Preston Taylor Ministries: $2,000
PTM aims to provide systematic, small-group reading instruction; frequent exposure to and engagement in literacy activities; and books in the home to a total of 135 kindergarten-5th grade students. PTM is requesting $2,000 to support literacy and reading programming for K-5th grade students. The additional funds are requested to expand literacy opportunities for students attending PTM programs to go beyond the after-school time, but to oﬀer weekend and summer activities that help instill a love for reading. Junior League volunteers will serve PTM in the following capacities: helping children with homework and/or reading development in after-school programming during the school year (an English tutor is also needed at our McGruder afterschool site for middle and high school students), leading enrichment activities on Friday afternoons during the school year, meeting one-on-one with students for Breakfast and Bible Study on a weekly basis, taking students to work for 3 hours during the week of Metro Nashville Public Schools’ spring break to expose a student to positive career options and positive experiences with an adult, providing meals for students, and accompanying PTM students on ﬁeld trips or special events. This placement can accommodate 8-12 volunteers.
Aventura Community School: New partner – not funded in first year
Aventura Community School provides a unique educational opportunity for Nashville families and our school model was developed with input from over 300 parents, leaders of community organizations, and other stakeholders. Aventura has strategically chosen its location in the most diverse community of Nashville, and students will develop biliteracy in English and Spanish during the critical early years when the brain has the greatest plasticity and potential for acquiring language. Aventura will open in the 2022-2023 school year with grades K-1 and will add one grade each year to eventually serve grades K-8. The following JLN Literacy Outcomes will be addressed by Aventura: L1) Increase access to literary materials for at-risk children and their families, and L2) Increase access to educational support programs for at-risk children and their families. Junior League volunteers would support Aventura’s mission through the following proposed volunteer opportunities: one-on-one student tutoring in the areas of literacy and math during after-school hours, one-on-one tutoring for parents of students in the areas of literacy or English as a Second Language during after-school hours, maintaining the school garden that will be used as part of Aventura’s lesson plans, revitalizing the building purchased for the school to prepare for growth in the next school year, and helping Aventura spread the word and enroll new students for the next school year. This placement could accommodate up to 40 volunteers.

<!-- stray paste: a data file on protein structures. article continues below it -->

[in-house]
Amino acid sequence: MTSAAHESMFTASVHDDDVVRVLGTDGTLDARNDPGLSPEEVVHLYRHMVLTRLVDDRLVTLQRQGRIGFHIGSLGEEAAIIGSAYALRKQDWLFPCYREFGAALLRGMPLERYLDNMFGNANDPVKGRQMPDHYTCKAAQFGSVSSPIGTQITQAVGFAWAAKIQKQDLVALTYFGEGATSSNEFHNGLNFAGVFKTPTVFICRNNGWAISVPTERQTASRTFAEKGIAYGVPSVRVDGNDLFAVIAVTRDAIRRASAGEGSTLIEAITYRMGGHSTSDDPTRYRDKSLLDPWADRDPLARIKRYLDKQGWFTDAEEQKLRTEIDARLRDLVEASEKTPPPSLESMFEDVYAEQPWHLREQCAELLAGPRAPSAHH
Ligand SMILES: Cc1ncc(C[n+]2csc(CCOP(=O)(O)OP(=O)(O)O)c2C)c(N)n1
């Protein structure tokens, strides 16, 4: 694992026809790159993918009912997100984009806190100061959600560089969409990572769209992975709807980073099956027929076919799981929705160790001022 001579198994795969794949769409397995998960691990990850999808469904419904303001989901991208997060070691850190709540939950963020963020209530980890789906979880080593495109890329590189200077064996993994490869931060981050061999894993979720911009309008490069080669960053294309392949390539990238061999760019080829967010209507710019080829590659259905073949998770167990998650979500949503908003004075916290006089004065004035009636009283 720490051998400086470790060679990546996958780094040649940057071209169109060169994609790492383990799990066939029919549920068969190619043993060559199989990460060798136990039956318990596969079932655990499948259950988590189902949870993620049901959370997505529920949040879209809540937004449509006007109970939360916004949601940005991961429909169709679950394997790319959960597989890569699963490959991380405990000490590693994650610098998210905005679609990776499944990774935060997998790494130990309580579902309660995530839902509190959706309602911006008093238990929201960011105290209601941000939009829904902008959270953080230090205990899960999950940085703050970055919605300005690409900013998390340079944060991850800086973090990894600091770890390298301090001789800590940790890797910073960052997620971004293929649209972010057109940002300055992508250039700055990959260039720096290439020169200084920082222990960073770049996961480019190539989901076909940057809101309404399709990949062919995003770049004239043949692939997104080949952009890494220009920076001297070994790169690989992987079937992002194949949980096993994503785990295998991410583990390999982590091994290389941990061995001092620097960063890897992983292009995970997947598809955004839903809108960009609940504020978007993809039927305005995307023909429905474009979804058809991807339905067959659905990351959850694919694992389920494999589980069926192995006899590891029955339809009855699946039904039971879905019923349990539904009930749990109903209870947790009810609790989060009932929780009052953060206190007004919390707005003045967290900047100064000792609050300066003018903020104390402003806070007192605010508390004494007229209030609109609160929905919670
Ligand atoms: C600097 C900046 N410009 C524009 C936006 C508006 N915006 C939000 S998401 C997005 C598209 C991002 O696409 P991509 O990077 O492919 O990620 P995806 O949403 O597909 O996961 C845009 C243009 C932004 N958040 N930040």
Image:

1. Provide educational opportunities and informational materials to key influencers to raise awareness of the issue and promote the ways in which human trafficking can be prevented.
2. Increase access to programs that can prevent an increase in the number of human trafficking victims.
3. Increase access to programs that assist survivors of human trafficking to begin recovery.
Renewal House: $ 22,000*